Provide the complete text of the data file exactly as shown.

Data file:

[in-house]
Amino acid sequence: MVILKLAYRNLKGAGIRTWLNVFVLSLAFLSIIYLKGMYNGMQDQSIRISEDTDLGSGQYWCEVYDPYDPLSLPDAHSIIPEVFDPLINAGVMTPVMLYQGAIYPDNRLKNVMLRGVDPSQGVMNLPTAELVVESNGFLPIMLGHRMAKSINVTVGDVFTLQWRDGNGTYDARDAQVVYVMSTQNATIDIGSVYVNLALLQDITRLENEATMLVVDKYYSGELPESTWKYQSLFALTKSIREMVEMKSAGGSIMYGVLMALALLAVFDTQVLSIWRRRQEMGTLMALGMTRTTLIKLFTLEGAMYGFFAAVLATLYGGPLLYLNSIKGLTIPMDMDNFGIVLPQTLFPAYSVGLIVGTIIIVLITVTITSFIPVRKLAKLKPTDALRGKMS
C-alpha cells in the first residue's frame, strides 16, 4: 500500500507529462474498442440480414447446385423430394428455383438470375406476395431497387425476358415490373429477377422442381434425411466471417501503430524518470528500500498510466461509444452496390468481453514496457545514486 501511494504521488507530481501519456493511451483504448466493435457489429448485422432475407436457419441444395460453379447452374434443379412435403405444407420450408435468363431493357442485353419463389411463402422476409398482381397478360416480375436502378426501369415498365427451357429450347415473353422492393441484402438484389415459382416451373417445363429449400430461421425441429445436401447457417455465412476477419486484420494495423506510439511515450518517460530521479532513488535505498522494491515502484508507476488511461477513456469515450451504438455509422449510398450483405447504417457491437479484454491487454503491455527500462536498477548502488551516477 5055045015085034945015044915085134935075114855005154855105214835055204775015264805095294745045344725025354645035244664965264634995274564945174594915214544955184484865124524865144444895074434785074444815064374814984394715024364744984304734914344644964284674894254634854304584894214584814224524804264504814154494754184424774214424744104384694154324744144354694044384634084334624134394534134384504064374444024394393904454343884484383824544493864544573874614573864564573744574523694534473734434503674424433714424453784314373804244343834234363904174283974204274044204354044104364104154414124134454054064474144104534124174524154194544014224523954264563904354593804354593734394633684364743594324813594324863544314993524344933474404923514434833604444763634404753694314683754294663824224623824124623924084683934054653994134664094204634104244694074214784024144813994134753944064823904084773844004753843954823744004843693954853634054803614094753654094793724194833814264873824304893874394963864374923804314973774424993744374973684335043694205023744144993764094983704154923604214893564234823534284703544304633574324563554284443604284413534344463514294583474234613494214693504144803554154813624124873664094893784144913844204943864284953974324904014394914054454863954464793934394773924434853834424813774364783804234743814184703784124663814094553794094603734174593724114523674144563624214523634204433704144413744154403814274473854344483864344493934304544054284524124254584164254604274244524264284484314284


[in-house]
Amino acid sequence: MVILKLAYRNLKGAGIRTWLNVFVLSLAFLSIIYLKGMYNGMQDQSIRISEDTDLGSGQYWCEVYDPYDPLSLPDAHSIIPEVFDPLINAGVMTPVMLYQGAIYPDNRLKNVMLRGVDPSQGVMNLPTAELVVESNGFLPIMLGHRMAKSINVTVGDVFTLQWRDGNGTYDARDAQVVYVMSTQNATIDIGSVYVNLALLQDITRLENEATMLVVDKYYSGELPESTWKYQSLFALTKSIREMVEMKSAGGSIMYGVLMALALLAVFDTQVLSIWRRRQEMGTLMALGMTRTTLIKLFTLEGAMYGFFAAVLATLYGGPLLYLNSIKGLTIPMDMDNFGIVLPQTLFPAYSVGLIVGTIIIVLITVTITSFIPVRKLAKLKPTDALRGKMS
C-alpha cells in the first residue's frame, strides 16, 4: 500500500507529462474498442440480414447446385423430394428455383438470375406476395431497387425476358415490373429477377422442381434425411466471417501503430524518470528500500498510466461509444452496390468481453514496457545514486 501511494504521488507530481501519456493511451483504448466493435457489429448485422432475407436457419441444395460453379447452374434443379412435403405444407420450408435468363431493357442485353419463389411463402422476409398482381397478360416480375436502378426501369415498365427451357429450347415473353422492393441484402438484389415459382416451373417445363429449400430461421425441429445436401447457417455465412476477419486484420494495423506510439511515450518517460530521479532513488535505498522494491515502484508507476488511461477513456469515450451504438455509422449510398450483405447504417457491437479484454491487454503491455527500462536498477548502488551516477 5055045015085034945015044915085134935075114855005154855105214835055204775015264805095294745045344725025354645035244664965264634995274564945174594915214544955184484865124524865144444895074434785074444815064374814984394715024364744984304734914344644964284674894254634854304584894214584814224524804264504814154494754184424774214424744104384694154324744144354694044384634084334624134394534134384504064374444024394393904454343884484383824544493864544573874614573864564573744574523694534473734434503674424433714424453784314373804244343834234363904174283974204274044204354044104364104154414124134454054064474144104534124174524154194544014224523954264563904354593804354593734394633684364743594324813594324863544314993524344933474404923514434833604444763634404753694314683754294663824224623824124623924084683934054653994134664094204634104244694074214784024144813994134753944064823904084773844004753843954823744004843693954853634054803614094753654094793724194833814264873824304893874394963864374923804314973774424993744374973684335043694205023744144993764094983704154923604214893564234823534284703544304633574324563554284443604284413534344463514294583474234613494214693504144803554154813624124873664094893784144913844204943864284953974324904014394914054454863954464793934394773924434853834424813774364783804234743814184703784124663814094553794094603734174593724114523674144563624214523634204433704144413744154403814274473854344483864344493934304544054284524124254584164254604274244524264284484314284